I think Scott McCloud is brilliant. Understanding Comics is an amazing comic and important work on the mechanics of comics. I think Zot! is one of the best comics I’ve ever read. I also know he is a good friend of yours. But I think his musings on the future of comics have been largely (but not completely) wrong, both in the artistic sense and business sense. He’s not alone in this though. The concept of interactive comics predates the internet. There have been a fair number of interactive comics tried. And every one of them, I feel, have failed. They all feel like it’s just a bunch of bolted on gimmicks. Animation in comics doesn’t work too well. I know you’ve experimented with it alot and of all the attempts, I think you’ve had the most success. But still, it just doesn’t seem to jive. The infinite canvas doesn’t work either. Partly because of the mechanics of the computer interface but there’s another reason I don’t think anyone has touched on. I think this relates back to the interactive thing. Comics are linear story-telling, like literature. The reader wants to be led. Interactive stuff is a distraction, it breaks up the line people are following. Sure it might be fun to experiment with but ultimately, it’s either an annoyance or silly gimmick. It ends up feeling a bit like a “Choose-Your-Own-Adventure” book. Sure they are fun for a bit but it eventually gets tedious and unsatisfying. Even when Scott revisited Zot! in digital form, the comic only scrolled one way, down. And the parallel bit in the last episode is something that could have been done on a printed page, though obviously, in slightly different manner. I notice pretty much all the successful web comics are easily readable in a few panels on a single page with a minimum of scrolling. So I guess what I’m saying is, the old methods of story telling in comics work because, well, they work. Interaction, animation, music, non-linear story-telling – these have already been done and done better in another medium – videogames.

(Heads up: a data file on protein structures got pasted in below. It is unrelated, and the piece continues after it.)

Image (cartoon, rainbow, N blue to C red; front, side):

Again, Scott had some great ideas but the reality has again turned out a bit different. We both know how the micropayments and subscription thing went. I don’t know how Modern Tales is working out these days but I have a hard time believing they are making any money. People don’t like paying subscriptions to access content online. Micropayments seem like a great idea. They should work… except to set up micropayments it’s as big a hassle to pay for something that costs more. It seems kind of silly to go through all the trouble to pay $0.50 as it would be just as easy to pay $5.00! So where am I going with this? It’s not to diss Scott, you, experimentation or anything like that. There is nothing wrong with any of the stuff Scott did and it’s always good to push boundries. But after watching that TED presentation he did, it doesn’t seem that he has adjusted his ideas to fit the current reality. I’m not dismissing him though, he’s too smart and I don’t think he’s completely off base. Maybe just a little too far ahead.